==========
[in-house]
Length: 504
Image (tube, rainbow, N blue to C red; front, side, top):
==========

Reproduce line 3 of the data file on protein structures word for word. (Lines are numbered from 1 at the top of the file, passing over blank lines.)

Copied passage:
Image (tube, rainbow, N blue to C red; front, side, top):